Nobody can really quantify Pokémon’s success. Trust me, if they could, then there would be another phenomenon as big, already. So it would be unfair to wonder why the academics spill so much ink over Pokémon, without offering much practical advice about why it worked. They don’t know, but then again, neither does anyone else. A few reviewers online have carped that Tobin’s book has missed the point, and that Pokémon is ‘still popular today’. In claiming this, they rather miss Tobin’s point, which is that the demonstrable, quantifiable Pokémon explosion was already fizzling out by 2001. Ten years on, Pokémon still has a residual appeal and a long tail of dedicated fans, but it is nowhere, nowhere near the global phenomenon that it was at the turn of the century. Tobin actually welcomes this fact, noting that academics should be just as interested in the decline of a phenomenon as with its rise, and that often one helps explain the other.

Pikachu’s Global Adventure: The Rise and Fall of Pokémon is out now from Duke University Press.

The Rise and Fall of Pokemon

MANGA UK GOSSIP

Dragon Ball Season 4 (episodes 84-122)

£26.25
sale_tag
was £34.99
Goku's headed for a showdown with a sinister green fiend!
A new breed of evil - more powerful than anything ever experienced - is taking the world's greatest martial artists down for the count. Goku is quick to join the fight, but he's about to meet his match in the form of King Piccolo. This menacing monster has the power to pulverize the planet, and his murderous rampage will not stop until he controls the power of the seven magic Dragon Balls.
When Krillin is the first hero cut down by the monster's minion, the stage is set for a brutal grudge match between Goku and Piccolo. Earth's greatest champion vows to avenge the loss of his best friend, but first, he must journey to Korin Tower on a quest for the Ultra Divine Water: a magical elixir that could give him the strength to save humanity - or send him straight to the grave!
This epic box set contains the Tien Shinhan Saga and the King Piccolo Saga.

FEATURED RELEASE

RELATED BLOG ARTICLES

Who's Who in Dragon Ball 1

Ever wonder just how Goku and friends became the greatest heroes on Earth?
Wonder no more, as the original Dragon Ball reveals the origins of Akira Toriyama’s beloved creations! The faces may look familiar, but everything else is different in this classic series!

Who's Who in Dragon Ball #2

Continuing our round-up of the usual suspects
Ever wonder just how Goku and friends became the greatest heroes on Earth? Wonder no more, as the original Dragon Ball reveals the origins of Akira Toriyama’s beloved creations! The faces may look familiar, but everything else is different in this classic series!

Who's Who in Dragon Ball #4

A rogues' gallery from the latest DVD box set
Ever wonder just how Goku and friends became the greatest heroes on Earth? Wonder no more, as the original Dragon Ball reveals the origins of Akira Toriyama’s beloved creations! The faces may look familiar, but everything else is different in this classic series!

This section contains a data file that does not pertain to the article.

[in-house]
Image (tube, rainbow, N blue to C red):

Who's Who in Dragon Ball #3

Wonder no more, as we reveal the origins of Akira Toriyama’s creations!
The faces may look familiar, but everything else is different in this classic series!

RECENT FEATURED POSTS

The Ninja Museum

Stephen Turnbull risks nine deaths in the eye of the ninja storm... or does he?
There is more to the ninja myth than meets the eye. By 1638 all wars had ceased under the police state of the Tokugawa family, yet within twenty years armchair generals were busily writing manuals of military theory, including speculations about sneak attacks, night-fighting and backstabbing.

London Ghibli Season

BFI announce a festival of Miyazaki, Takahata, et al...
The BFI South Bank cinema in London will be screening a Studio Ghibli season throughout April and May. Curator Justin Johnson will be giving an introduction to Ghibli on the 2nd April, followed by screenings of all the major Ghibli works and a number of relative obscurities

Blood C: The Last Dark

Director Naoyoshi Shiotani on getting the darkness right
“In every theatre you have different light, so you can never be sure what it’s going to look like. So you have to think; will this be okay, will you lose details in that kind of darkness? It was hard to calculate all that.”

Gekiga at the Cartoon Museum

Jonathan Clements visits an exhibition of manga’s pioneers
Running upstairs at London’s Cartoon Museum until 29th November, Gekiga: Alternative Manga From Japan charts the evolution of truly adult comics, both in terms of content and style, in the post-war period.

The Weird World of Rotoscoping

Andrew Osmond on the history of animation’s corner-cutting secret
Rotoscoping and its descendants are an important part of American cinema, and recognised today. Many film fans know, for example, that Gollum, Peter Jackson’s King Kong and the rebel anthropoid Cornelius in the Planet of the Apes reboot are all based on physical performances by one actor, Andy Serkis. Again, it’s common knowledge that the Na’vi aliens in Avatar were human actors ‘made over’ by computer – the digital equivalent of those guys wearing prosthetic foreheads and noses in the older Star Trek series.

The magnificent 47 Ronin

Stephen Turnbull asks what (if anything) went wrong with the 47 Ronin?
When T. H. White’s great Arthurian fantasy The Once and Future King was first published the New York Times described it as “a glorious dream of the Middle Ages as they never were but as they should have been.” A very similar comment would not be inappropriate to describe the strange world of old Japan conjured up in the movie 47 Ronin.
Contact Us   |   Refund Policy   |   Delivery Times   |   Privacy statement   |   Terms & Conditions
Please note your card statement will show billing by MVM. The Rise and Fall of Pokemon from the UK's best Anime Blog.